This Forbes article includes some great examples of business models evolving to make money and improve our lives through mining and sharing data. The businesses are not making money immediately but are investing in data capture, analytics and partnerships to start capitalizing on their data for long term revenue.
Key points in the article:
- Your data combined with those of thousands of other people can tackle bigger problems such as cutting your company’s health care budget or sparing the nearby utility from building another power plant.
- Smart-thermostat maker Nest Labs has quietly built a side business managing the energy consumption of a slice of its customers on behalf of electric companies.
- In wearables, health tracker Fitbit is selling companies the tracking bracelets and analytics services to better manage their health care budgets, and its rival Jawbone may be preparing to do the same.
- These companies are capitalizing on the terabytes of data they collect from consumers and, to an extent, on the largesse of taxpayers. State governments have increased the money–from $1.3 billion in 2003 to $6 billion in 2012–allocated to helping utilities manage energy demand, according to the U.S. Energy Information Administration.
See full article - http://www.forbes.com/sites/parmyolson/2014/04/17/the-quantified-other-nest-and-fitbit-chase-a-lucrative-side-business/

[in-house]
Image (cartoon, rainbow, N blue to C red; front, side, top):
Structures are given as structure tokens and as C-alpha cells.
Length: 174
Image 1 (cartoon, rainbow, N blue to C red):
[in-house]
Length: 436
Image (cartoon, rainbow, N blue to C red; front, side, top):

How can we leverage our data either directly or with business partners/customers to generate revenue and solve big problems?
We know we have data which we can leverage as an asset. We also can derive great insights or predictions for our customers. In this article it describes what start-ups are doing to build a winning BI business model in this middle market. I like the intercept/middleware model mentioned near the end of the article. CDF is looking at potentially playing in that space or partnering with other companies that offer services to dealers and capture additional data from the dealers.
The Gartner report was released a few months ago. I was looking for an objective review of their quadrant and who was gaining ground and who was losing ground. I found this excellent summary with insightful commentary. Link
Gainers: Tableau, Qlik and Spotfire. Losers: Microsoft, MicroStrategy, SAP and Oracle.
We don’t need more tools right now but we do need to keep an eye on the future for when we might want to retire a tool or move more solutions to a tool we already have.
Hope you find the analysis informative
Big Data is not making the Data Warehouse obsolete overnight. The apostles of the Data Warehouse have fought back and demonstrated that it is not always as simple as “load and go.” Although some data engineering has been eliminated or reduced, and Big Data approaches are reducing the costs of data management, data still needs to be standardized, data quality maintained, and access provided to constituent communities. Data management will continue to be an evolutionary process.